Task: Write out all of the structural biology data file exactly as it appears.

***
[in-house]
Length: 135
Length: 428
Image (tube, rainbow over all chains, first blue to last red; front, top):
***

[in-house]
Length: 135
Length: 428
Image (tube, rainbow over all chains, first blue to last red; front, top):